First use of the simile ‘Greyhound’ for a fast ship
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The Oxford English Dictionary has asked me to give a reference for the earliest usage of the term ‘Greyhound’ as a simile (not the given name) for a fast ship. It appears at present to be 1843 but without the ship specified. I would have expected a wider usage by the 1850s with the Clipper ship era but the next usage for sail and steamers comes from the 1880s. Any references befor 1843 and/or after 1843 and 1880s would be appreciated.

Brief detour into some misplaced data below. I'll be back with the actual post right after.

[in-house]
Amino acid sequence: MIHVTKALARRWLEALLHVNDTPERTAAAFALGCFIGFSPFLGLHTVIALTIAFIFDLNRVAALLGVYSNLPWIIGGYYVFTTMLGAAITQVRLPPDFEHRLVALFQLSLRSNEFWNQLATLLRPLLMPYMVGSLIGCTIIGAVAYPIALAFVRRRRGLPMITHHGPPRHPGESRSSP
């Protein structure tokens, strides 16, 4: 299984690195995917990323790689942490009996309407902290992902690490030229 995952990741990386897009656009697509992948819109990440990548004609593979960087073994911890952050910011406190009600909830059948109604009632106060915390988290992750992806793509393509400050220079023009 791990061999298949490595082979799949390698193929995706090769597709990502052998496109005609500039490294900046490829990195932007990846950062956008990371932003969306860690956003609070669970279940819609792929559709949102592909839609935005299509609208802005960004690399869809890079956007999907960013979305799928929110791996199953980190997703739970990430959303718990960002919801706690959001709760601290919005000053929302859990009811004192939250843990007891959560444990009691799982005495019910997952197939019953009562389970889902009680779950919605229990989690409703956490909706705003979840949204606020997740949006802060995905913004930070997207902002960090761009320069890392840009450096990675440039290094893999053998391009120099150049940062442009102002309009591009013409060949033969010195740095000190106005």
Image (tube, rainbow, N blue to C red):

Walter Scott’s poem Lord of the Isles, written 1815, includes the following:
‘The helm, to his strong arm consign’d,
Gave the reef’d sail to meet the wind,
And on her alter’d way,
Fierce bounding, forward sprung the ship,
Like greyhound starting from the slip
To seize his flying prey.’
Captain Basil Hall, in Fragments of voyages and travels, volume 3 (Edinburgh 1831), perhaps borrowing from Walter Scott, wrote:
‘A couple of fathoms of the fore and main sheets, and a slight touch of the weather top-sail and top-gallant braces, with a check of the bowlines, made the swift-footed Endymion spring forward, like a greyhound slipped from the leash.’
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